One of the latest steps forward was the realization of almost trivial fact that one can obtain the points of M4× CP2 by a canonical mapping twistors to its dual so that each twistor defines a complex plane CP2 the dual space. Conformally compactified M4 is in turn obtained as lines of CP3. This inspired the vision that TGD could be formulated in the product CP3× CP3 of twistor spaces with the factors endowed with conformal metric with signature (2,4) and with metric having Euclidian signature respectively. Ordinary CP3 is Calabi-Yau manifold and one can hope that this is true in generalized sense for its ultra-Minkowskian dual.
The fascinating question is whether one can identify the equations determining the 3-D complex surfaces of CP3× CP3 in turn determining space-time surfaces when one assigns to these surfaces M4× CP2 by mapping first these surfaces to the dual of CP3× CP3 and then applies sphere bundle projection to obtain the point of M4. Note that this formulation differs from the original one: I have been blundering a lot with the detailed realization of the idea.
- The vanishing of three holomorphic functions fi would characterize 3-D holomorphic surfaces of 6-D CP3× CP3. These are determined by three real functions of three real arguments just like a holomorphic function of single variable is dictated by its values on a one-dimensional curve of complex plane. This conforms with the idea that initial data are given at 3-D surface.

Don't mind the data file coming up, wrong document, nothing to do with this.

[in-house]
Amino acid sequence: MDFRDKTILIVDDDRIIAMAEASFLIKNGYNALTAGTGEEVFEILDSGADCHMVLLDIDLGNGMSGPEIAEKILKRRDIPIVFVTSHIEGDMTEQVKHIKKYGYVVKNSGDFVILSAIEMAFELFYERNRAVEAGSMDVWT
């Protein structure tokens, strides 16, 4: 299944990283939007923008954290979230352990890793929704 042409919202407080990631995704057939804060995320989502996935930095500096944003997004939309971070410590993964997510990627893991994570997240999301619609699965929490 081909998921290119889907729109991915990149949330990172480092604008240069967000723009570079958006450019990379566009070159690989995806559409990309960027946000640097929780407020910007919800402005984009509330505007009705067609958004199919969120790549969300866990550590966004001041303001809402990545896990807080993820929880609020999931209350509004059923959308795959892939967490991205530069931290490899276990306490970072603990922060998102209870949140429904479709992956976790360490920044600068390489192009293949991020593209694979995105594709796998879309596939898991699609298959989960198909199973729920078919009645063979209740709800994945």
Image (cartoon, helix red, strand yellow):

- Effective 2-dimensionality means that 2-D partonic surfaces plus 4-D tangent space data are enough. This suggests that the 2 holomorphic functions determining the dynamics satisfy some second order differential equation with respect to their three complex arguments: the value of the function and its derivative would correspond to the initial values of the imbedding space coordinates and their normal derivatives at partonic 2-surface. Since the effective 2-dimensionality brings in dependence on the induced metric of the space-time surface, this equation should contain information about the induced metric.
- The no-where vanishing holomorphic 3-form Ω, which can be regarded as a "complex square root" of volume form characterizes 6-D Calabi-Yau manifold (see this), indeed contains this information albeit in a rather implicit manner but in spirit with TGD as almost topological QFT philosophy. Both CP3:s are characterized by this kind of 3-form if Calabi-Yau with (2,4) signature makes sense.
- The simplest second order- and one might hope holomorphic- differential equation that one can imagine with these ingredients is of the form
Ω1i1j1k1×Ω2i2j2k2×∂i1i2 f1× ∂j1j2f2× ∂k1k2 f3=0 ,
∂ij== ∂i ∂j .
Since Ωi is by its antisymmetry equal to Ωi123εijk, one can divide Ω123:s away from the equation so that one indeed obtains holomorphic solutions. Note also that one can replace ordinary derivatives in the equation with covariant derivatives without any effect so that the equations are general coordinate invariant.
- The equations allow infinite families of obvious solutions. For instance, when some of i depends on the coordinates of either CP3 only, the equations are identically satisfied. As a special case one obtains solutions for which f2 depends on the coordinates of the first CP3 only and f3 only on those of the second CP3 and one has f1= Z • W=0. This solution family contains also the Calabi-Yau manifold found by Yau and Tian, whose factor space was proposed as the first candidate for a compactication consistent with three fermion families. The physical interpretation is of course completely different now.